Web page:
* European shares 0.6 pct lower after five days of gains
* Market focus on outcome of Greek aid negotiations
* Euro edges down vs dollar, off from 7-mth high vs yen
* U.S. stocks seen lower as U.S. fiscal talks set to resume
By Richard Hubbard
LONDON, Nov 26 World shares and the euro edged
lower on Monday as investors nervously awaited the outcome of
the latest round of talks to release emergency aid to keep
Greece financially afloat.
A lack of progress in talks among U.S. lawmakers over how to
avoid the harsh tax increases and government spending cuts due
to come into effect Jan. 1, was also weighing on markets, with
Wall Street set for a lower open when trading resumes.
Stocks, commodities and the single currency were all either
steady to slightly weaker following strong gains seen over the
past week as investors priced in the likelihood of a Greek deal.
The MSCI world equity index, which gained
nearly four percent over the week to Nov. 23 for its biggest
weekly gain since April, was down 0.1 percent to stand at 329.50
"Last week was very good for the markets and it seems that
investors are taking a breather ahead of the euro zone meeting,"
said Koen De Leus, senior economist at KBC in Brussels.
Euro zone finance ministers and the International Monetary
Fund began their third meeting in as many weeks on Monday to try
to seal a bailout deal for Greece, but must still agree how to
cut the country's debt pile to a more sustainable level.
Greece, where the euro zone's debt crisis erupted in late
2009, is the currency area's most heavily indebted country,
despite a big "haircut" this year on privately-held bonds and
needs the funds to meet upcoming debt repayments.
"There is some caution, but it is also clear that Greece's
lenders will not allow the country to fail. A Greek default is
not an option," De Leus said.
French Finance Minister Pierre Moscovici, speaking on Sunday
after a weekend teleconference of Greece's international
lenders, said the gap had closed significantly, and he believed
a deal could be reached quickly.
The euro was down 0.4 percent at 106.60 yen,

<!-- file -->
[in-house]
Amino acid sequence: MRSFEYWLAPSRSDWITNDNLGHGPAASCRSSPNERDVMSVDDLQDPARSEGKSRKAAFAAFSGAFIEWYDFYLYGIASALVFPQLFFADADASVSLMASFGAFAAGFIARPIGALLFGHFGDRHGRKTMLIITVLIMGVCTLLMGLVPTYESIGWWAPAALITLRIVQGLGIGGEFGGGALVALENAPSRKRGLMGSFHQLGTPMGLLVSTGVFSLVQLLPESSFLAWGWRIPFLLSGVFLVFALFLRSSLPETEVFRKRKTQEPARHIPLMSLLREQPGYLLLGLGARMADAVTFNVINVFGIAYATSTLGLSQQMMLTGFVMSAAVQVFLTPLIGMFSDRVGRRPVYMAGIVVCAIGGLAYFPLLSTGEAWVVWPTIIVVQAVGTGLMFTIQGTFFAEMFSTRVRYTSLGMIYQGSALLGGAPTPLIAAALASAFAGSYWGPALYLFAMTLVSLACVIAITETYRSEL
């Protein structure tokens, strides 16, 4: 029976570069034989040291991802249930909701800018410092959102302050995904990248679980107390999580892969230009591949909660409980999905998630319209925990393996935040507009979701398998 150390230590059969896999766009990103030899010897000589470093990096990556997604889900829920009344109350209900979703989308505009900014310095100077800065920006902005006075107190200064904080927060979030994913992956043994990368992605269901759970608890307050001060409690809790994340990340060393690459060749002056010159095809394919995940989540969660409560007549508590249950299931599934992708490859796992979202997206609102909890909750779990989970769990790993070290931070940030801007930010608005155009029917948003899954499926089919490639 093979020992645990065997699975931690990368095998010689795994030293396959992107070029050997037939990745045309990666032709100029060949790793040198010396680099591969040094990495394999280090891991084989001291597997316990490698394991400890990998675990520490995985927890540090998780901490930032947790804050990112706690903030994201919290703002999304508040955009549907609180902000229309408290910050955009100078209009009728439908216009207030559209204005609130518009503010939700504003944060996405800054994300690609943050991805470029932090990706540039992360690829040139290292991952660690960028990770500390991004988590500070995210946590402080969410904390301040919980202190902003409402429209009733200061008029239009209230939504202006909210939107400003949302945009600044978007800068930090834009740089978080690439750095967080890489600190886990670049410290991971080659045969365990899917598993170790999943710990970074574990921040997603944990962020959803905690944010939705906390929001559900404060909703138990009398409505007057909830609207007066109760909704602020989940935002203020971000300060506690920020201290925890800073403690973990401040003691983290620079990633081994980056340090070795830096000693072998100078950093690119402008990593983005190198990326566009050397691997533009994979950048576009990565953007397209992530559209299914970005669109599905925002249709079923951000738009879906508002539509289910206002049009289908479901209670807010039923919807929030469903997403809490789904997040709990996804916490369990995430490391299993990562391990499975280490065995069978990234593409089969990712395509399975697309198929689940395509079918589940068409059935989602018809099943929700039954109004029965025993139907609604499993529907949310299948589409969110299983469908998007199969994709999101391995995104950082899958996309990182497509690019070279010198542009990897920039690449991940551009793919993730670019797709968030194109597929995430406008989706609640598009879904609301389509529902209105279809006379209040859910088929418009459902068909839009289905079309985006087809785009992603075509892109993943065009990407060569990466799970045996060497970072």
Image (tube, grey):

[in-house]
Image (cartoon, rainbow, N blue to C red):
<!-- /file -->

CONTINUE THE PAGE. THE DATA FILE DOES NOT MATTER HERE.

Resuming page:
having hit 107.135 yen in Asian trade, the single currency's
strongest level since late April.
Against the dollar, the euro was down 0.1 percent at $1.2965
, having hit $1.2991 on Friday, its highest since late
Big gains for Catalan separatists in regional Spanish
elections also hurt the euro, even though the result fell short
of the convincing win needed to mount a push for a referendum on
independence for the region.
There was a bigger impact from the Spanish vote in the fixed
income market where safe-haven German debt prices recovered some
ground lost last week on concern at the outcome and Spanish
bonds prices fell.
Benchmark 10-year German bonds eased two basis points 1.42
percent, while Spanish 10-year bond yields edged 3
basis points higher to 5.67 percent.
Major European share indexes were down around 0.5 percent
across the board after some regional indexes had seen their best
weekly performance since December over the last week.
The FTSE Eurofirst 300 index of top European shares
surged over four percent last week but was about 0.7 percent
lower on Monday at 1,103 points.
London's FTSE 100, Paris's CAC-40 and
Frankfurt's DAX were all between 0.4 to 0.9 percent
Earlier, optimism around the euro area's ability to achieve
a deal on Greece lifted the MSCI's broadest index of
Asia-Pacific shares outside Japan up 0.2 percent
to a two-week high.
Oil prices were also in retreat after their recent gains,
but worries over supply from the Middle East as violence flared
in Egypt and hopes an aid deal for Greece would brighten the
outlook for demand limited the move.
Brent crude fell 33 cents to just over $111 a barrel
although it is up around 2 percent so far this month.
U.S. crude oil futures fell 0.6 percent to $87.75.
Carsten Fritsch, senior oil analyst at Commerzbank in
Frankfurt, said the concerns over what was happening in Cairo
was due to Egypt's role as a pivotal power in the Middle East
and North Africa.
"If it is getting messy there, it could spill over into
other countries - oil producers in North Africa and even into
the Gulf and even countries like Saudi Arabia," Fritsch said.
Gold shed 0.15 percent to $1,750.40 an ounce after rising to
$1,754.10 on Friday, its strongest since Oct. 12.
Gold has gained around 11 percent this year, mainly due to
expectations that U.S. monetary policy will remain loose.